Stem cells 2013 July-6

 

Mesenchymal stem cells – a promising perspective in the orofacial cleft surgery.

Bratisl Med J. 2013;114(2):50-2.

Stanko P, Mracna J, Stebel A, Usakova V, Smrekova M, Vojtassak J.

Department of Stomatology and Maxillofacial Surgery, Comenius University, Bratislava, Slovakia. pstanko@ousa.sk

Abstract

Autologous bone grafts provide the golden standard for closure of oronasal fistulas in the cleft palate. Augmentation may be performed also by homografts and various xenogenic or alloplastic materials to prevent morbidity at the donor site but they may cause many problems (transmission of infections, immune response etc.). All the mentioned approaches also often reveal recurrences of the fistulas and prolong suffering of the cleft patients. Combination of mesenchymal stem cells (MSCs) and so called “platelet gel” seems to be a perspective method in this way. The platelet gel contains hydroxyapatite particles mixed with platelet rich plasma coagulated under effect of the calcium ions. The MSCs from the pelvic bone marrow aspirate are cultivated on a scaffold (collagen membrane) for 3-4 weeks before placement into the cleft defect. The method provides promising results in the alveolar clefts. Authors document a successful case of the secondary surgery in 25-year-old man with the unilateral complete cleft (Fig. 5, Ref. 10).

PMID: 23331197

Peter Stanko-2

Press release:

Mesenchymal stem cells help in the secondary alveolar cleft surgery

Research published in the Bratislava Medical Journal supports the idea that adult mesenchymal stem cells can improve the final results in closure of oronasal fistulas in alveolar clefts.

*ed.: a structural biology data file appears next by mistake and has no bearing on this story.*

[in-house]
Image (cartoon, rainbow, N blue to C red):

Team from the Faculty of Medicine, Comenius University in Bratislava (Slovakia) uses a concept of closure of the alveolar cleft (Fig. 1) by combination of osteoconductive (hydroxyapatite granules, HA), osteoinductive (platelet rich plasma, PRP) and osteogenic (mesenchymal stem cells, MSCs) components.

Surgery includes closure of the nasal layer after incision (Fig. 2) and filling of the cannal with „platelet gel“ (HA + PRP). Then a collagen membrane is applied which serves as a scaffold for the MSCs in number of 6 – 20 millions depending on their growth acticity (Fig. 3) and closure of the oral mucoperiost follows (Fig. 4). To achieve amount of the MSCs as high as possible additional application of MSCs in suspension (content 3 – 12 millions of MSCs in 1.5 ml of suspension) is performed – immediatelly after the operation and then on the 7th and the 14th day postOP. The injection is administred slowly without pressure through the vestibular mucosa (Fig. 5). Inicial bone formation appears on the x-ray or CT after 3 months (Fig. 6).

The researchers evaluate now their results in a group of 14 cleft patients (Ref.). They believe that the method with the MSCs will move the perspective of bone substitute materials from simple space holders to bone of the highest biological quality.

 

Reference:

Stanko P, Mracna J, Stebel A, Vojtassak J.: Letter to the editor BMJ – Contribution to long-term functional results in cleft patients. Bratisl Lek Listy. 2013; 114(3), 177.

 

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